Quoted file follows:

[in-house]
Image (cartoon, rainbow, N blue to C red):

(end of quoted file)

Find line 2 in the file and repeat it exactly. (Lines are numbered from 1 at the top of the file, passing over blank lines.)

Image (cartoon, rainbow, N blue to C red):